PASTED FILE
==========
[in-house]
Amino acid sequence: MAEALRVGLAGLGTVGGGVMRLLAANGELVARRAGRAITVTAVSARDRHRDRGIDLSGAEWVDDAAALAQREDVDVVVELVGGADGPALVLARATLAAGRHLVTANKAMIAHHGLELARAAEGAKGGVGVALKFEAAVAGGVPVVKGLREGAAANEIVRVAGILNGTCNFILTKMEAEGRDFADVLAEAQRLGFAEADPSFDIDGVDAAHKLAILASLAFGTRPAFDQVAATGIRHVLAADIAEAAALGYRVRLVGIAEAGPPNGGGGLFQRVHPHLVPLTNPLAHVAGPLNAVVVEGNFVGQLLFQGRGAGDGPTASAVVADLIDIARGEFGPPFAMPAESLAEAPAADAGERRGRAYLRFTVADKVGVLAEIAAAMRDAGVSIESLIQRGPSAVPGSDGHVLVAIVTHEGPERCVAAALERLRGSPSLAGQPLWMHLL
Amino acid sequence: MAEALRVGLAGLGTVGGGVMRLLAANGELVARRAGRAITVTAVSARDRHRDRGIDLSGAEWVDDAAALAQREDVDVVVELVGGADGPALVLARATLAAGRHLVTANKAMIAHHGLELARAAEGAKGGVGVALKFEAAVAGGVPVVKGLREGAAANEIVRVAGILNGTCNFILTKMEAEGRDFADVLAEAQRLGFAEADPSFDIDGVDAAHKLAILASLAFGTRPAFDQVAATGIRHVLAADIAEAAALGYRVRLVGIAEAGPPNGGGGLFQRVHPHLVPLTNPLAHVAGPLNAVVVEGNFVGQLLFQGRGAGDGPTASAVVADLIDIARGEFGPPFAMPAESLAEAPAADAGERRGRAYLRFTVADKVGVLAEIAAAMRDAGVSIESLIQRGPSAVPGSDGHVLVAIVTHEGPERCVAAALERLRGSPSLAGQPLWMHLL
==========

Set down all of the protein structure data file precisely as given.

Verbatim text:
[in-house]
Amino acid sequence: MAEALRVGLAGLGTVGGGVMRLLAANGELVARRAGRAITVTAVSARDRHRDRGIDLSGAEWVDDAAALAQREDVDVVVELVGGADGPALVLARATLAAGRHLVTANKAMIAHHGLELARAAEGAKGGVGVALKFEAAVAGGVPVVKGLREGAAANEIVRVAGILNGTCNFILTKMEAEGRDFADVLAEAQRLGFAEADPSFDIDGVDAAHKLAILASLAFGTRPAFDQVAATGIRHVLAADIAEAAALGYRVRLVGIAEAGPPNGGGGLFQRVHPHLVPLTNPLAHVAGPLNAVVVEGNFVGQLLFQGRGAGDGPTASAVVADLIDIARGEFGPPFAMPAESLAEAPAADAGERRGRAYLRFTVADKVGVLAEIAAAMRDAGVSIESLIQRGPSAVPGSDGHVLVAIVTHEGPERCVAAALERLRGSPSLAGQPLWMHLL
Amino acid sequence: MAEALRVGLAGLGTVGGGVMRLLAANGELVARRAGRAITVTAVSARDRHRDRGIDLSGAEWVDDAAALAQREDVDVVVELVGGADGPALVLARATLAAGRHLVTANKAMIAHHGLELARAAEGAKGGVGVALKFEAAVAGGVPVVKGLREGAAANEIVRVAGILNGTCNFILTKMEAEGRDFADVLAEAQRLGFAEADPSFDIDGVDAAHKLAILASLAFGTRPAFDQVAATGIRHVLAADIAEAAALGYRVRLVGIAEAGPPNGGGGLFQRVHPHLVPLTNPLAHVAGPLNAVVVEGNFVGQLLFQGRGAGDGPTASAVVADLIDIARGEFGPPFAMPAESLAEAPAADAGERRGRAYLRFTVADKVGVLAEIAAAMRDAGVSIESLIQRGPSAVPGSDGHVLVAIVTHEGPERCVAAALERLRGSPSLAGQPLWMHLL